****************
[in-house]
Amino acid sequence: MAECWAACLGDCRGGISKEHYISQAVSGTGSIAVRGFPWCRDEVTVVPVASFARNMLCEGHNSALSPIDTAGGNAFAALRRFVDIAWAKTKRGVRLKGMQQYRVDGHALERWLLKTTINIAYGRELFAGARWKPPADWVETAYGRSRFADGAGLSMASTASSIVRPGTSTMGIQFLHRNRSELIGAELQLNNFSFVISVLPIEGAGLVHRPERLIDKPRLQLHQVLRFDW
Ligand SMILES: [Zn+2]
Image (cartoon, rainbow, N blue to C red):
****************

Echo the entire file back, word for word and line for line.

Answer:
[in-house]
Amino acid sequence: MAECWAACLGDCRGGISKEHYISQAVSGTGSIAVRGFPWCRDEVTVVPVASFARNMLCEGHNSALSPIDTAGGNAFAALRRFVDIAWAKTKRGVRLKGMQQYRVDGHALERWLLKTTINIAYGRELFAGARWKPPADWVETAYGRSRFADGAGLSMASTASSIVRPGTSTMGIQFLHRNRSELIGAELQLNNFSFVISVLPIEGAGLVHRPERLIDKPRLQLHQVLRFDW
Ligand SMILES: [Zn+2]
Image (cartoon, rainbow, N blue to C red):